Guten Tag! Eclecticism Rules the Screen at Berlin and Beyond

by Richard von Busack

Among the myriad film fests in the Bay Area, Berlin and Beyond is one of the most eclectic and daring—its criteria is nothing less than films made in a language spoken by 100 million people. The 19th festival unfolds Jan 29-Feb 1 at the Castro, with one-day annexes at the Aquarius in Palo Alto (Feb 2) and the California Theater in Berkeley. (Feb 3). The whole shebang includes parties, special guests, and shorts programs.

Hannelore Eisner in To Life!

Hannelore Eisner in To Life!

On opening night, the renowned actress Hannelore Eisner receives a Lifetime Achievement Award before the screening of her starring role in To Life! Here, she plays an aging Berlinese cabaret singer who befriends the young man who rescues her from a suicide attempt. Also being honored at the fest is the adroit director of numerous outrageous social comedies, Doris Dörrie (Nobody Loves Me , Men).

Peter Louisi's Unlikely Heroes is one of the crowd-pleasers at this year's Berlin and Beyond.

Peter Louisi’s Unlikely Heroes is one of the crowd-pleasers at this year’s Berlin and Beyond.

The cornucopia includes a mainstream policier (The King’s Surrender ), and intelligent costume dramas such as the life-of-Kliest costumer Amour Fou and Austria’s entry to the Oscars, The Dark Valley . And there are some out-and-out crowd-pleasers, such as Unlikely Heroes . It’s a fable about a Swiss volunteer who directs a group of illegal immigrants in a play.


The primary cast of Doris Dörrie’s The Whole Shebang .

Witty, malicious, and tastily idiomatic in its script, Dörrie’s The Whole Shebang is based on her novel All Inclusive . It begins with the contrast between a mom and daughter. The former hippie Ingrid (Hannelore Eisner) is recuperating after a double hip replacement; she’s tottering around a concrete-tsunami resort in Spain infested by the Speedo-clad “fat German businessmen pretending to be acrobats” of which the Monty Python troop once spoke. (Times have changed since Eric Idle’s tirade; the resort’s spring break-crazed MC, Tina, played by Hinnerk Schönemann, is a drag queen.) Ingrid’s forlorn daughter Apple (Nadja Uhl) is starting a tentative relationship with the veterinarian who almost put her lapdog “Dr. Freud” to sleep.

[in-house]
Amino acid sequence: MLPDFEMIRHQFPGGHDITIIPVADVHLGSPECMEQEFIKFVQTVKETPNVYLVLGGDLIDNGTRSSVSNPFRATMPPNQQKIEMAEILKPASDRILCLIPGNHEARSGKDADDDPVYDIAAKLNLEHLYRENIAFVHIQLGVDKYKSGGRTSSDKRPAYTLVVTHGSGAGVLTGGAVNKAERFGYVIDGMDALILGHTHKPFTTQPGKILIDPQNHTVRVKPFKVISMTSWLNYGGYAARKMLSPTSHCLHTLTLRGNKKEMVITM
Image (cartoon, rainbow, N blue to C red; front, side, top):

As in much of Dörrie, the core of the comedy concerns women certain that they need men for happiness. To paraphrase a nasty DJ, pontificating over a dissonant classical album here, Dörrie opposes the principle that an artist is best when she “not even for a second tries to entertain us, but rather shows us the world at its most cruel.”  Ingrid, Apple and Tina’s world gets sweeter by the end.

Even better is Dörrie’s This Lovely Shitty Life . (The original title, Que Carramba es la Vida , is less provocative.) It’s an outstanding documentary on female mariachis. The folkloric musicians are still plying the trade in Mexico City’s Plaza Garibaldi. In sombreros and bolero jackets, shining with silver thread, they line the streets around the Plaza like day laborers out at night, waiting to be picked up to entertain a party. Even after learning the Mexican Army has mariachis on their payroll, you worry if there’s much future in the trade … as you might about any music that doesn’t appear to be attracting scads of young people.

Doris Dörrie's This Lovely Shitty Life is a portrait of Mexico City's female mariachis.

Doris Dörrie’s This Lovely Shitty Life is a portrait of Mexico City’s female mariachis.

The female mariachis contend with low pay, sexist competition and drunken listeners who assume they’re for rent after the music’s over. Dörrie responds to the beauty and funk of Mexico City like few filmmakers, and she asks all the right questions. Her subjects are humbled by circumstance but rich with brio: “Nobody sings like I do,” says one second-generation mariachi.